Buffalo in the 50s: The opening of Thruway Plaza

By Steve Cichon
steve@buffalostories.com
@stevebuffalo

Thirty-five years ago this month, The News began celebrating the 100th anniversary of the paper starting a daily edition.

In the special section called One Hundred Years of Finance and Commerce, The News recounted the history of a handful of Buffalo’s financial and commercial industries and provided ad space for many companies involved in those industries to tout their own contributions.

Easily the forerunner of indoor mall shopping in Western New York, the Thruway Plaza opened in 1952, a decade before Buffalo’s first covered mall, the Bouvelard Mall, opened its doors.

Thruway Plaza was enclosed to become Thruway Mall in 1974, but the shopping center fell on hard times when it began losing shoppers and tenants to the Walden Galleria Mall, only a mile away, starting in 1989.

Buffalo’s downtown merchants group branches out to the ‘burbs

By Steve Cichon
steve@buffalostories.com
@stevebuffalo

Thirty-five years ago this week, The News began celebrating the 100th anniversary of the paper’s starting a daily edition.

In the special section called One Hundred Years of Finance and Commerce, The News recounted the history of a handful of Buffalo’s financial and commercial industries and provided ad space for many companies involved in those industries to tout their own contributions.

The Downtown Retail Merchants Association was a driving force in getting shoppers downtown, making sure they stayed there and making sure they shopped in multiple stores.

In 1978, the group’s name was changed to the Western New York Retail Merchants Association, with the focus changed from keeping shoppers downtown — which was looking more and more like a lost cause in the late ’70s — to making sure that people continued to shop throughout Western New York.

The “Larkin” behind the Larkin District

By Steve Cichon
steve@buffalostories.com
@stevebuffalo

Thirty-five years ago this week, The News began celebrating the 100th anniversary of the paper’s starting a daily edition.

In the special section called One Hundred Years of Finance and Commerce, The News recounted the history of a handful of Buffalo’s financial and commercial industries and provided ad space for many companies involved in those industries to tout their own contributions.

Except for perhaps attending a concert or food truck Tuesday in the Larkin District, most Buffalonians aren’t aware of the impact that Buffalo’s Larkin Soap Co. had on the national and world economy and the way we all shop.

While many of us remember the Sears catalog, it was John D. Larkin’s company that created many of the processes that became standard in mail-order retail and remain the basis for the systems used by Internet age mail-order retailers to this day.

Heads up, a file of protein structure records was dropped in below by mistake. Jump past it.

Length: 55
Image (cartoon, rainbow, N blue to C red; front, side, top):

Buffalo in the 70s: ManTwo men’s (disco!) fashions

By Steve Cichon
steve@buffalostories.com
@stevebuffalo

A man looking to look his best at Club 747 or Uncle Sam’s might have shopped at one of the three locations of ManTwo in the late ’70s and early ’80s.

This ad appeared in The News in July, 1980.

It’s probably fair to say any suit purchased at this sale, held 35 years ago this week, would now only come out for once a year for the day after Thanksgiving at the Convention Center, if ever at all.

Remembering Buffalo’s first jeweler, Tanke’s, established 1857

By Steve Cichon
steve@buffalostories.com
@stevebuffalo

Thirty-five years ago this week, The News began celebrating the 100th anniversary of the paper’s starting a daily edition.

In the special section called One Hundred Years of Finance and Commerce, The News recounted the history of a handful of Buffalo’s financial and commercial industries and provided ad space for many companies involved in those industries to tout their own contributions.

T.C. Tanke was one of Buffalo’s early prominent citizens and was one of the city’s first silversmiths in 1857. Thousands of finely crafted pieces of jewelry and silverware made their way into Western New York homes through the 131 years Tanke’s was in business downtown. The shop closed in 1989.

The elegant evolution of Delaware Avenue shopping

By Steve Cichon
steve@buffalostories.com
@stevebuffalo

Thirty-five years ago this week, The News began celebrating the 100th anniversary of the paper’s starting a daily edition.

In the special section called One Hundred Years of Finance and Commerce, The News recounted the history of a handful of Buffalo’s financial and commercial industries and provided ad space for many companies involved in those industries to tout their own contributions.

While much of Buffalo bought most of what they needed from the large department stores on Main Street — and then later their branch stores in shopping malls and plazas, and then, ultimately, at discount department stores — a certain segment of the city’s population shopped in elegance at the chic, more continental-feeling shops of Delaware Avenue.

Mabel Dahany, the Jenny Shop, Tegler’s and Pitt Petri offered a more sophisticated atmosphere to more sophisticated shoppers.

Buffalo in the 80s: Cassettes on sale at 7 area Gold Circle stores

By Steve Cichon
steve@buffalostories.com
@stevebuffalo

Neil Diamond, Air Supply and the Stray Cats were among the artists featured in Gold Circle’s $3.99 cassette sale in July, 1985.

Gold Circle’s seven area stores had all been Twin Fair locations. In 1984, the regional chain was among the first in the nation to install barcode readers in checkout lanes for faster, more accurate transactions.

When Gold Circle was sold off in 1988, several area locations became Hills stores, several others closed.